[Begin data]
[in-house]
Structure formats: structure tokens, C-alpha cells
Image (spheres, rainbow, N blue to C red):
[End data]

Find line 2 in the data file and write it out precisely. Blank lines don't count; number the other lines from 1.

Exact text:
Structure formats: structure tokens, C-alpha cells